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By Luc Loranhe (2005)
Look what the US and Canada are doing in the Third World. Around the globe, they are siphoning off the best and the brightest.
The best and the brightest in almost any academic subject (except, maybe sociology… as these may be leftists) and in almost every country (maybe not so much any more from Islamic countries) are happily invited to emigrate to the US and Canada. Just apply at the nearest US or Canadian embassy and prove your brains.
But not only are the brightest siphoned off around the world: those who have a talent for making money also can easily become residents in the US and Canada. Now, that talent, you prove not with textbooks but with checkbooks. Offer to invest between half a million dollar and two million dollar in either the US or Canada, and your residence permit is issued on the fast track.
Rich countries woo highly skilled migrants
Sure, young scientific and technical talents have a great incentive to migrate to North America. Better salaries. And businessmen who made a lot of money in the Third World consider it social climbing to migrate to North America.
But how can Third World countries stop, or even revert, the brain and capital drain?
Not by calling on the patriotism of those who have a choice between staying and leaving.
To stop the brain and capital drain, und to possibly even revert it (enticing the talented and the rich to relocate to a Third World country), a strong incentive is needed.
Not higher salaries and more luxuries. In this respect, the Third World cannot compete with North America or Europe. But who needs riches and luxury when personal relationships are romantic and satisfying?
The US is hypocritical, prudish, and bigot. Even though the US likes to think of itself as the “Land of the Free”, on a very practical scale, it restricts the personal, and sexual, freedom of many of its inhabitants to a larger extent than do or did many Third World countries. Religious fundamentalism in North America has long achieved a high degree of psychological self-castration among North Americans. And those who do not accept de-sexualisation have long been looking at other countries as alternatives.
Before the governments of Third World countries came under the influence of US moral imperialism (practiced by the NGOs of Christian missionaries and feminazis), there were fewer sexual restrictions in most non-Islamic Third World countries than in North America or Europe. Actually, many Third World governments didn't concern themselves with regulating the sexual conduct of the people they ruled.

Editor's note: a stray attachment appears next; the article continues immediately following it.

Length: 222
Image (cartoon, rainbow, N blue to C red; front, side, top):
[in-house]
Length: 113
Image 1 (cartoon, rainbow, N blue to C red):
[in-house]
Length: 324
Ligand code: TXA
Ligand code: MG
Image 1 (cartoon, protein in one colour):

A higher degree of sexual freedom is the one advantage that many Third World countries have had until not so long ago, or still have. Preserving, or restoring, this edge can cause a pronounced migratory trend.
I do want to cite Thailand and Indonesian Bali as examples. There has long been a trend for Western men to settle in Thailand, and to bring in much of their wealth, simply because of the sexual lifestyle Thailand allowed.
Likewise, Bali has been a relocation destination for Westerners (men and women; many artists) long before mass tourism arrived.
I do not mean that every Third World countries should copy Thailand. And I do not claim that the Thai governments over the past decades always did the right thing. Actually, most of the time, they didn't do anything. Sexuality just wasn't regulated, neither by the government, nor by religions. And the result has been that quite possibly, no other country has as free a sexual order as Thailand traditionally has. And mind you: I am not talking prostitution.
Until now, many Thai couples do not register a marriage. To register marriages was uncommon until a few years ago. There is no requirement to register marriages, and such “marriages” are dissolved just by separating. Even official marriages and official divorces until now just are a matter of a few minutes at the Amphoe (District) office. A registered marriage can just be deregistered by any party to it. No court ruling is needed. And there is no discrimination whatsoever against men and women who do not stay in a sexual relationship.